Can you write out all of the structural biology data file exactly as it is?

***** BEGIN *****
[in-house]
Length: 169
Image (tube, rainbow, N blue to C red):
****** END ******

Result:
[in-house]
Length: 169
Image (tube, rainbow, N blue to C red):